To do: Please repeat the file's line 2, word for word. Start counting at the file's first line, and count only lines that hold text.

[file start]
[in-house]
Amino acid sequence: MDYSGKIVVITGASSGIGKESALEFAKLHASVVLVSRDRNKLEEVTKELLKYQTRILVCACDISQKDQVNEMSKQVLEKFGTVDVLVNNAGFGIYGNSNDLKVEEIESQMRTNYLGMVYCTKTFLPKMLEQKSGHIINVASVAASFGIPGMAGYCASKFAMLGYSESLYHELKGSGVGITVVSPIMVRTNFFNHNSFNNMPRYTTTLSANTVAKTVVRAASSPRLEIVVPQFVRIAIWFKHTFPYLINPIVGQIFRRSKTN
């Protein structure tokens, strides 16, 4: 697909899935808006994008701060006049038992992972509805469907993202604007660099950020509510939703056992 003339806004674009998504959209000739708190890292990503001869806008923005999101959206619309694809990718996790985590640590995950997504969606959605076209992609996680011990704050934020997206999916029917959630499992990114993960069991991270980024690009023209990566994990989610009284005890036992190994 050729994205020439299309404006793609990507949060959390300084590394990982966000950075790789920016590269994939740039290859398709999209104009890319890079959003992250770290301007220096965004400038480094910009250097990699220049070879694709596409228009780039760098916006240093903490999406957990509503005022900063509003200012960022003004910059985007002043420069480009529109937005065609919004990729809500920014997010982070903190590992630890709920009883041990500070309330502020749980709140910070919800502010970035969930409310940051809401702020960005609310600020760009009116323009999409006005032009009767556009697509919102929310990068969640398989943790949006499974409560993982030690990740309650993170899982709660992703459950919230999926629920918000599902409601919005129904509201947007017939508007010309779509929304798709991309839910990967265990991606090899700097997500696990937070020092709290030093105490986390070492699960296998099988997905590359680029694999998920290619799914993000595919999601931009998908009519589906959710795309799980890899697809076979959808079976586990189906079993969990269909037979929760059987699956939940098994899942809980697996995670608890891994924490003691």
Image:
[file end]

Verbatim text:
Amino acid sequence: MDYSGKIVVITGASSGIGKESALEFAKLHASVVLVSRDRNKLEEVTKELLKYQTRILVCACDISQKDQVNEMSKQVLEKFGTVDVLVNNAGFGIYGNSNDLKVEEIESQMRTNYLGMVYCTKTFLPKMLEQKSGHIINVASVAASFGIPGMAGYCASKFAMLGYSESLYHELKGSGVGITVVSPIMVRTNFFNHNSFNNMPRYTTTLSANTVAKTVVRAASSPRLEIVVPQFVRIAIWFKHTFPYLINPIVGQIFRRSKTN